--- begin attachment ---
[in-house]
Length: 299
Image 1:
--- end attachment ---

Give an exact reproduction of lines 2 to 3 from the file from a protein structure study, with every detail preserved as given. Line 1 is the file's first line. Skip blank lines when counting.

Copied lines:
Length: 299
Image 1: